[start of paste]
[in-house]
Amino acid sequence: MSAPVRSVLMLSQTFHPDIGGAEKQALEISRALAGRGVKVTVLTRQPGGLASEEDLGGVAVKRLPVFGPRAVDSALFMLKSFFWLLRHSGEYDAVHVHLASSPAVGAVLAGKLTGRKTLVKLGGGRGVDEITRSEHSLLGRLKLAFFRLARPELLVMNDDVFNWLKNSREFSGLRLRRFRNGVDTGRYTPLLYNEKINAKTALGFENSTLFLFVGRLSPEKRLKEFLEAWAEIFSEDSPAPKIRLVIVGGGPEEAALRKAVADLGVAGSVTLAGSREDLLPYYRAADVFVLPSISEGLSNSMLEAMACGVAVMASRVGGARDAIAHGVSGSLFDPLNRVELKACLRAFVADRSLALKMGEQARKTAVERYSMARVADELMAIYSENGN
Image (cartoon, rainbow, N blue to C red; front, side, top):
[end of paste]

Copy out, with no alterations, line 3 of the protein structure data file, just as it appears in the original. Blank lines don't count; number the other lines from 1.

Image (cartoon, rainbow, N blue to C red; front, side, top):